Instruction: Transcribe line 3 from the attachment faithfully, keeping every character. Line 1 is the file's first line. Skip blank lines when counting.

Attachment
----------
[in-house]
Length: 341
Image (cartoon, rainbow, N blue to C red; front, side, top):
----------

Image (cartoon, rainbow, N blue to C red; front, side, top):